PolyU Study Finds High Proportion of Online Hotel Reviews Suspicious
April 25, 2016 10:08am
25 April 2016 - Around 20% of online hotel customer reviews may be unreliable or fake, according to Dr Markus Schuckert and Professor Rob Law of the School of Hotel and Tourism Management (SHTM) at The Hong Kong Polytechnic University and a co-researcher. After examining more than forty thousand TripAdvisor reviews of all star-rated hotels in Hong Kong in a recently published study, they warn that the high proportion of suspicious reviews should ring an “alarm bell” for customers. Although these reviews are not necessarily fake, they can be misleading and waste customers’ decision-making time. Given that many customers depend on online hotel reviews to make their purchasing decisions, the problem has serious implications for the hotel sector.
E-commerce platforms have become so popular that online sales of travel products, particularly by hotels and airlines, have become the “biggest part of their business”, write the researchers. One reason for this rising popularity is the availability of online reviews and feedback posted by customers, which help potential customers to make informed decisions. From the service provider’s perspective, online reviews provide “fast, instant and easily accessible customer feedback”, and good reviews can increase their revenue.
Understandably, customers want to book with the hotel or restaurant with the highest ratings. The researchers note that these people are prepared to spend a considerable amount of time reading online reviews before making decisions because they “want to find the right place and be sure about it”. Customers prefer “large feedback platforms and consumer-centric sites”, which are perceived as offering the most “objective, true or authentic opinions”.
However, the researchers warn that although “every e-commerce platform has a system and procedure to ensure the authenticity” of reviews, there is growing concern that companies, or customers, manipulate reviews or give false ratings for various reasons. Owners, for instance, may post positive reviews themselves, or get friends or others to do so, to attract customers and boost sales. Conversely, they may post bad reviews to “defame competitors”.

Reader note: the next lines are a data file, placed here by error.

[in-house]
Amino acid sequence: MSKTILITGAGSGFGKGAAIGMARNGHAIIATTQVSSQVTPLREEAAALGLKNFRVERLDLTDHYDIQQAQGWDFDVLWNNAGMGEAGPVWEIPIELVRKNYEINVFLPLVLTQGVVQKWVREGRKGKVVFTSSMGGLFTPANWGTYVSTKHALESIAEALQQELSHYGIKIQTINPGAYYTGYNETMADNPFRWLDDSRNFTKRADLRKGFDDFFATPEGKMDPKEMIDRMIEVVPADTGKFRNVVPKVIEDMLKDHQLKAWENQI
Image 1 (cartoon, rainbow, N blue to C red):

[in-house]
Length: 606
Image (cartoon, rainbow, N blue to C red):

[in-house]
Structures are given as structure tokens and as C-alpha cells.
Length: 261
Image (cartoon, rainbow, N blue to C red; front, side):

Although false and misleading reviews can lead to consumers making the wrong purchasing decisions, there is still insufficient evidence on the extent of such practices. One reason, the researchers note, is the lack of a reliable method for detecting fake reviews. Detecting them by differences in writing style, for instance, “assumes that the writing styles of manipulators will be different from those of genuine customers”. The researchers thus designed a method of identifying suspicious reviews and conducted a study to determine the presence and proportion of suspicious reviews and to “explore who tends to post” them.
The focus of that study was TripAdvisor, which allows reviewers to leave two types of numerical ratings for hotels – one overall rating, and six specific ratings for service, value, sleep quality, cleanliness, location and rooms. The ratings can range from 1 for the worst quality to 5 for the best. The anomaly that some reviews show a considerable discrepancy between the overall rating and the specific ratings prompted the researchers to consider whether this might be an indicator of a suspicious or unreliable review.
The researchers provide two examples in which the overall hotel rating is 5 but the six specific qualities are only rated as 1 or 2. Comparing the ratings with the written comments, one of the reviews seems to fit the overall rating of 5, suggesting that the specific ratings are misleading, whereas the other review seems more consistent with an overall rating of only 1 or 2, suggesting that the high overall rating is misleading. That self-contradiction prompted the researchers to explore whether this is a widespread phenomenon and, if so, what causes it.